Texas Sues Facebook’s Parent Company Over Invasive Technology

There are plenty of reasons why Americans have been wary of Facebook’s ever-larger technological footprint, and the good people of Texas are now preparing to do something about it.

The massive social media company has had its fair share of controversies of late, largely centered around their ethically-ambiguous data harvesting protocols.

Now, in the Lone Star State, there is a litigious lurch underway specifically aimed at Facebook’s facial recognition work.

Attorney General Ken Paxton filed the lawsuit Monday in a state district court. The suit claims Facebook parent Meta has been “storing millions of biometric identifiers” — identified as retina or iris scans, voice prints, or a record of hand and face geometry — contained in photos and videos people uploaded to its services, including Facebook and Instagram.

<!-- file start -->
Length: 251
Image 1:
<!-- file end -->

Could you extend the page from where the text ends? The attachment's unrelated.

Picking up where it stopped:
“Facebook will no longer take advantage of people and their children with the intent to turn a profit at the expense of one’s safety and well-being,” Paxton said in a statement. “This is yet another example of Big Tech’s deceitful business practices and it must stop. I will continue to fight for Texans’ privacy and security.”

Texas’ suit was rooted solidly in the spirit of the 4th Amendment of the US Constitution.

Under Texas law, the lawsuit says, companies must obtain “informed consent” from people to use their biometric data. This means people have to be informed before their biometric data is captured and it can only be done if they agree to it. Such data also cannot be disclosed for anyone else, although there are some exceptions, such as in cases where a law enforcement subpoena issued.

Facebook has, unsurprisingly, deemed the lawsuit to be “without merit”, and will undoubtedly be flexing its mighty legal muscle in an attempt to maintain their uncouth domestic spying operation alive.